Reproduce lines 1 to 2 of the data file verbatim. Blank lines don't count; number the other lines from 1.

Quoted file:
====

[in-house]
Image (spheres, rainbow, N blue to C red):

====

[in-house]
Image (spheres, rainbow, N blue to C red):